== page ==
58. ACGME will only require a single set of Reporting Milestones for the pilot fellow, which should be completed by the gastroenterology program director (because the pilot fellow is still a third-year gastroenterology fellow). The Reporting Milestones should be completed with substantial input from the transplant hepatology program director and the transplant hepatology CCC, reflecting the competence of the pilot fellow in transplant hepatology milestones during the third year.

  59. What is an EPA?
  60. “Entrustable Professional Activities (EPAs) are those professional activities that together constitute the mass of critical elements that operationally define a profession” (ten Cate O, Scheele F. Academic Medicine 2007;82:542-7). Supervising faculty assess the competence of a trainee through direct observation of the performance of these activities. Each EPA represents various competencies and milestones of professional development. Use of EPAs is the cornerstone of assessment within this competency-based medical education pilot.

  61. What is Mini-CEX?
  62. The ABIM Mini-Clinical Evaluation Exercise (Mini-CEX) is a 10 to 20 minute direct observation assessment or “snapshot” of a trainee-patient interaction. The faculty member provides timely and specific feedback to the trainee after each assessment of a trainee-patient encounter. The Mini-CEX need not assess a complete patient encounter and can be used to assess a specific part such as counseling, which may be most appropriate for fellows at this advanced level of training. Mini-CEX booklets can be ordered directly from ABIM free of charge. The Mini-CEX (pdf) can be distributed for demonstration during faculty workshops, staff meetings, orientation and training sessions. The pilot requires that Mini-CEX be administered at least quarterly.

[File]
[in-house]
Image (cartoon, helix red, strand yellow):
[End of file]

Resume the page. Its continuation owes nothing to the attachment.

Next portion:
63. Is there a Transplant Hepatology In-Service Examination available?
  64. Not yet, but efforts are underway to create such an exam, which will be administered for the first time beginning in the current academic year.

  65. What is the Hepatitis C PIM?
  66. The Hepatitis C Practice Improvement Module is a Web-based tool that guides physicians through a review of patient data and supports the implementation of and/or reporting on a quality-improvement (QI) plan for their practice. The Hepatitis C PIM is a required activity for the pilot. It requires the fellow to abstract at least five charts at three months and nine months into the pilot as a means to demonstrate the trainee's ability to analyze, improve and change practice or patient care. Due to rapid changes in HCV treatment, the PIM was revised for the pilot in 2014.

  67. Is simulation a required assessment tool?
  68. Fellows must participate in training using simulation (IV.A.3.b. of the ACGME Transplant Hepatology Program Requirements). Simulation does not require the use of high-tech models and can be as simple as simulating a patient case presentation with the trainee. Liver biopsies lend themselves well to training and assessment through simulation, but this is only one example of the use of simulation in transplant hepatology training.

  69. Are portfolios required for the pilot?
  70. Portfolios are not a required assessment tool for the pilot or for transplant hepatology training in general. Portfolios can be a useful assessment tool in both undergraduate and graduate medical education and can be used as a tool for trainees to record their accomplishments, reflect on their experiences and obtain formative feedback. In practice, portfolios may be difficult to implement in fellowship training. There are many platforms available and we are unable to recommend a specific platform.

  71. How many certificates should the pilot fellow receive from his/her program upon graduation?
  72. This is up to the individual program, but we recommend two certificates reflecting the achievement of competence in two distinct specialties, gastroenterology and transplant hepatology.

  73. Who is on the Pilot Steering Committee?
    • Chair, Oren Fix, MD, MSc, FACP, Swedish Medical Center, Seattle, WA
    • Steven Herrine, MD, Thomas Jefferson University, Philadelphia, PA
    • Ayman Koteish, MD, Florida Hospital Transplant Institute, Orlando, FL
    • Gautham Reddy, MD, University of Chicago, Chicago, IL
    • Mark Russo, MD, MPH, Carolinas Medical Center, Charlotte, NC
    • Richard Sterling, MD, MSc, FAASLD, Virginia Commonwealth University, Richmond, VA
  74. Where can I get more information?
  75. Talk to your transplant hepatology program director or contact Oren Fix at